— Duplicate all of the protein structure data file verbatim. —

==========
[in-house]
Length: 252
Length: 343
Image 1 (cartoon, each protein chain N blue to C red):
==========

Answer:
[in-house]
Length: 252
Length: 343
Image 1 (cartoon, each protein chain N blue to C red):